of the smallest animals-for example, that you can change
yourself into a rat or a mouse. I confess that to me it seems
"Impossible?" cried the ogre; "you shall see!" And in the
same moment he changed himself into a mouse, which began
to run about the floor. No sooner did Puss see it than he
pounced on it and ate it.
Presently the king came along, and noticing the ogre's
beautiful mansion desired to visit it. The cat heard the rumble
of the coach as it crossed the castle drawbridge, and running
out to the courtyard cried to the king:
"Welcome, your Majesty, to the castle of the marquis of
"What's that?" cried the king. "Is this castle also yours,
marquis? Nothing could be finer than this courtyard and the
buildings which I see all about. With your permission we will
go inside and look round."
The marquis gave his hand to the young princess, and
followed the king as he led the way up the staircase. Entering a
great hall they found there a magnificent collation. This had
been prepared by the ogre for some friends who were to pay
him a visit that very day. The latter had not dared to enter
when they learned that the king was there.
The king was now quite as charmed with the excellent
qualities of the marquis of Carabas as his daughter. The latter
was completely captivated by him. Noting the great wealth
of which the marquis was evidently possessed, and having
quaffed several cups of wine, he turned to his host, saying:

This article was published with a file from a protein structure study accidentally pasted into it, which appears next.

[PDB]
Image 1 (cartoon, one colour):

"It rests with you, marquis, whether you will be my son-
The marquis, bowing very low, accepted the honor which
the king bestowed upon him. The very same day he married
Puss became a personage of great importance, and gave up
hunting mice, except for amusement.
The ogre received him civilly as an ogre can
It's a pleasant thing, I'm told,
To be left a pile of gold.
But there's something better still,
Never yet bequeathed by will.
Leave a lad a stock of sense-
Though with neither pounds nor pence-
And he'll finish, as a rule,
Richer than the gilded fool.
Can the heart of a Princess
Yield so soon to borrowed dress?
So it seems-but wait a while-
'Tis not all a tale of guile.
He was young and straight of limb;
She was just the girl for him.
He was brave, and she was fair.
Tell me, when the right man's there-
Be he but a miller's son-
What Princess will not be won?
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The text for "Perrault's Fairy Tales", by Charles Perrault (1628-1703) were first published in France in 1687.
The illustrations are by Gustave Dore(1832-1883) which where first published in 1862 by Hetzel in Paris.